Economic Growth In Manukau Remains Positive
Economic growth in Manukau in the June quarter was 2.6%, taking the annual rise in gross national product to 3.1% for the year to June. The national growth figure for the three months to June was 2%. This is lower than in preceding years and reflects recent events including the terrorist attacks in the U.S.
More than half the growth came from manufacturing which in turn led to more new jobs and a fall in Manukau's unemployment numbers. Overseas demand for manufactured exports is increasing largely due to the weak New Zealand dollar. The dairy industry is also having a boom year due to high international prices.
Another growth area is transport. Manukau benefits greatly from the presence of Auckland Airport which is a strong job creator. Over the past year there was high growth in tourism with an 11% rise in visitor numbers over the year to August.
But the recent world downturn in tourism following the terrorist attacks is expected to have an impact in New Zealand, with growth much lower than over the past year. There has also been a negative impact from the demise of Qantas New Zealand, and Air New Zealand's financial problems.
Manukau's housing market has made a strong recovery in the three months to August with a 30% rise in the number of building consents compared to a year earlier. Average house prices in Manukau rose 0.1% over the August quarter, while national house prices fell 0.2% and Auckland region prices fell 0.5%. Growth in Manukau's housing market is expected to continue over the coming year.
The commercial real estate market is growing but is expected to slow next year due to the fall in business confidence and uncertainty surrounding the global economy.
Over the June quarter the unemployment rate in Manukau fell to 6.8% from 7.2% in March. This is still high compared to the 5.2% rate in New Zealand as a whole but is a significant improvement and in the year to June the number of registered job seekers dropped by 12.5%. Nonetheless there remains a large pool of job seekers who are poorly skilled and with no qualifications. Manukau consistently has an unemployment rate higher than the national average.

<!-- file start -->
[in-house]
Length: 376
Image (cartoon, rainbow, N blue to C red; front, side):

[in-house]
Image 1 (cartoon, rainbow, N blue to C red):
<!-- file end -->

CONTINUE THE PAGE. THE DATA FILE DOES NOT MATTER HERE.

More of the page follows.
Just under half these job seekers (47%) say they are looking for labouring or unskilled service jobs.
Manukau mayor Sir Barry Curtis says that attitude is a huge problem for the city. "In fact, it's tragic. These people appear to have little ambition for their working lives and are choosing the lowest common denominator when there is a world of opportunity open to them.
"Sadly we have a large pool of people who are virtually unemployable as a result. Our economy has been growing faster than elsewhere in the country with many new businesses starting up. But these employers don't want staff who are unskilled, unqualified or with little recent work experience.
"We need to shift the mindset of aiming low, and we need to get these people to aim higher in life because generally all manner of social problems stem from having low skills and low paid work, including poor housing and health problems.
"When they should be aiming to be doctors, lawyers and scientists, their ambition instead appears to be to get a labouring job or work in a fast food outlet. But there are fewer and fewer of these unskilled jobs and they rarely pay well enough to raise a family. The future trend for Manukau and for New Zealand is to move away from simple manufacturing and low skill industries into more sophisticated fields requiring a highly-skilled workforce on good incomes.
"I am pleased that we are making progress through a variety of education initiatives to raise expectations, encourage aiming high and to forge links between schools and the workforce. But ultimately it's up to the individual to set their sights high and to realise they can be anything they set out to be."